The Federal Family and Medical Leave Act (FMLA)

By Lane V. Erickson, Attorney

Employers are often covered by federal employment laws that provide certain protections for employees. One of the laws that exist that is applicable to many employers is the Family and Medical Leave Act (FMLA).  The FMLA is designed to provide certain employees with up to 12 weeks of unpaid, job-protected leave per year. It also requires that their group health benefits be maintained during the leave.  Essentially this means that an employee who is covered by the FMLA can take up to 12 weeks of leave, that is unpaid, with an assurance that their job will be open and remaining for them when they return.

The FMLA is designed to help employees balance their work and family responsibilities by allowing them to take reasonable unpaid leave for certain family and medical reasons. It also seeks to accommodate the legitimate interests of employers and promote equal employment opportunity for men and women.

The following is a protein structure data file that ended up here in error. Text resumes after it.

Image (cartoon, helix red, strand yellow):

The FMLA applies to all public agencies, all public and private elementary and secondary schools, and private employer companies with 50 or more employees within a 75 mile radius. When applicable, employers must provide an eligible employee with up to 12 weeks of unpaid leave each year for any of the following reasons:

  • for the birth and care of the newborn child of an employee;
  • for placement with the employee of a child for adoption or foster care;
  • to care for an immediate family member (spouse, child, or parent) with a serious health condition; or
  • to take medical leave when the employee is unable to work because of a serious health condition.

Employees are eligible for leave if they have worked for their employer at least 12 months, at least 1,250 hours over the past 12 months, and work at a location where the company employs 50 or more employees within 75 miles. Whether an employee has worked the minimum 1,250 hours of service is determined according to FLSA principles for determining compensable hours or work.

Time taken off work due to pregnancy complications can be counted against the 12 weeks of family and medical leave.  Time taken off does not have to be continuous, but can be sporadic throughout the year.

If you are an employer or an employee and you have questions about whether the FMLA applies to you, we can help.  Call us toll free at 877-232-6101 or 208-232-6101 for a consultation with Lane Erickson and the Racine Olson team of Employment Law attorneys in Idaho. You can also email Lane Erickson directly at  We will answer your Idaho Employment Law questions and will help you solve your Idaho Employment Law problems.


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